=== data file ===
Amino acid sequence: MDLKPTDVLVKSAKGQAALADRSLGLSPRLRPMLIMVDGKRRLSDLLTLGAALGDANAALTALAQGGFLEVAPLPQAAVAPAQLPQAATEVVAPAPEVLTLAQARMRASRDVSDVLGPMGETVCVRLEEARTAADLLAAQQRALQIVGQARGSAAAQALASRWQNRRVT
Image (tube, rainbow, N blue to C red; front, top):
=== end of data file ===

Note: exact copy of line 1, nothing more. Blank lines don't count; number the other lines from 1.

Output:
Amino acid sequence: MDLKPTDVLVKSAKGQAALADRSLGLSPRLRPMLIMVDGKRRLSDLLTLGAALGDANAALTALAQGGFLEVAPLPQAAVAPAQLPQAATEVVAPAPEVLTLAQARMRASRDVSDVLGPMGETVCVRLEEARTAADLLAAQQRALQIVGQARGSAAAQALASRWQNRRVT